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Tim Nailer Foley,
José Manuel 'El Doctor' Mireles,
Enrique Peña Nieto
Red Army is a feature documentary about the Soviet Union and the most successful dynasty in sports history: the Red Army hockey team. Told from the perspective of its captain Slava Fetisov, the story portrays his transformation from national hero to political enemy. From the USSR to Russia, the film examines how sport mirrors social and cultural movements and parallels the rise and fall of the Red Army team with the Soviet Union. Written by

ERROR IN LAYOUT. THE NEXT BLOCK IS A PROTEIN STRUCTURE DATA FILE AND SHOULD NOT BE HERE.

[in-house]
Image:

I saw Gabe Polsky's new documentary at AFI Fest recently and was blown away by its robust sensibility. Not knowing precisely what to expect beyond the hockey element, I feared that my general lack of interest in sports would prevent me from enjoying the film. "Red Army," it turns out, uses hockey as a mere vessel for a story about pride, friendships, politics, and passionate devotion to the art of a sport. Polsky's movie is his love letter to hockey and the titular Soviet team, who the film reveals were probably some of the best technical athletes of any age. Superlatives like "best" and "greatest" came with a heavy price; these guys were not just hockey savants, but devices in a political narrative about the USSR's ability to dominate the world in the waning decades of the Cold War. "Red Army" shows how the team was often intimidated by government leaders into doing what they were told and when. One of the more defiant players was team captain Slava Fetisov, the documentary's somewhat audacious and resolute central figure. The Fetisov of today, seemingly unworried about PR, does and says what he wants on camera, berating the director over what he feels is a poorly conceived question and scoffing at others. At one point Fetisov even gives Polsky the finger when the director's interviewing interrupts him checking his email. It's a hilarious, authentic moment that will make you love and remember the film. Without a doubt one of my favorite movies of 2014.
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